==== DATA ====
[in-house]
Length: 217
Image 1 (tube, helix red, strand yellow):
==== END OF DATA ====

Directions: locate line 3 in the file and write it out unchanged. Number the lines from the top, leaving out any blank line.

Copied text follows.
Image 1 (tube, helix red, strand yellow):